Citizens of the Space City, the time is now fast approaching to dust off your picnic gear, purple and gold costumes and find the biggest bags to take away all the nice beads from the parade. Mardi Gras is here! The exciting spectacle commences all over New Orleans and here in Galveston on the 16th, and we absolutely cannot wait to get in!
Although it has a lot of elements concerning why people enjoy the colorful festival so much, we’d like to talk about one in particular; the fascinating French fritters known as beignets, the tradition surrounding them and why they’re a delectable option even aside from the festival that is known for them.
The tradition of beignets reaches as far back as the Ancient Roman civilization, where cooks would make Scriblita, a Roman pastry made from soft, moist dough, boiled in animal fat. From the Romans, the beignet travelled to France, where cooks started using choux as a workaround for yeast, since the steam helped it rise and puff anyway. Afterwards, some believe that the fried goods were carried across the pond by Ursuline nuns yet others speculate that it travelled all the way to Canada.
Either way, loosely translating to ‘fritter’ in English, the extravagant beignet was then introduced to New Orleans inhabitants in the 18th century and were made popular in the USA, culminating in the dessert being named the state doughnut of the New Orleans in 1986.
Yeast or West
beignets are a marvel to look at and magical to taste, and the wizardry that happens behind the scenes (or behind the counter ;)) is a sight to see. Traditionally, there are two ways to make these fantastic fried confectioneries, either from a choux pastry or by leavening yeast in dough. Traditionally, though, American beignets and donuts are usually made with yeast. Now, choux doesn’t necessarily have a lot of rise, what it has is a lot of hydration, which means that beignets puff up quickly anyway due to the hot steam produced while frying. Our good friend yeast on the other hand produces carbon dioxide and produces more complex flavors due to fermentation, and hence the popularity. After the frying process, these sugary delights are then dusted with sugar and served hot!
Never Too Much Powdered Sugar
Beignets today don’t have holes in them, and with that much confectioners’ sugar laden on, we wouldn’t advise anyone with an affinity for wearing darker colors to eat them casually, in order to not accidentally end up as a fashion casualty. We assume most of it is going to be on your face anyway.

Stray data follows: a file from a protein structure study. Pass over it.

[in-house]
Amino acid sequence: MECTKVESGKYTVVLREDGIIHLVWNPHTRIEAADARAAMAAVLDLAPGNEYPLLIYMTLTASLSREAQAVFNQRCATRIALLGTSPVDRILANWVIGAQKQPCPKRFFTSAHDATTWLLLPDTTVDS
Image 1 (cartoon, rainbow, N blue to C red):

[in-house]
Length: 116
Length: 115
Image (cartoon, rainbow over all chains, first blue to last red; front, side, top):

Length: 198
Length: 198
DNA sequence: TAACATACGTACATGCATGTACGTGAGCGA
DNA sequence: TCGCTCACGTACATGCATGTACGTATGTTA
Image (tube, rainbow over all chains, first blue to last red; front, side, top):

A Festival of Festivals
Mardi Gras has a special place in every French and Cajun heart, but at the same time it makes its way over to the rest of the world. Performers and revelers wear bright, eccentric costumes or at least dress in green, gold and violet, adorning themselves with long beads caught from parades past. Both locals and visitors have a ball and sit on the ground, throw balls, play music, eat great food and watch the crowds walk by. All non-essential businesses are shut down because after all, who doesn’t love parades? And carnivals? And great food on top of that? Count us in. And whether you like to go be a part of the extravagant celebrations here in Houston or Galveston, or watch it from the comfort of your home and TV with a strong cup of café au lait, MyShipleyDonuts has a solution for you to enjoy beignets whenever and wherever you desire.
Although Louisiana and Houston are more than 300 miles away, the tradition of these fritters extends to MyShipleyDonuts as well, and we make sure that it is upheld in all its glory, and quality Beignets de Houston are provided to our customers no matter if it is ordered online or enjoyed at one of our stores and drive-thrus (open 24/7). We make them fresh for exactly when you need to satisfy your beignet craving, we make them sweet, and we make them our own way, with yeast, and high temperature oil.
Get our made-to-order, puffy and warm delicacies for your dose of the Big Easy this Mardi Gras today!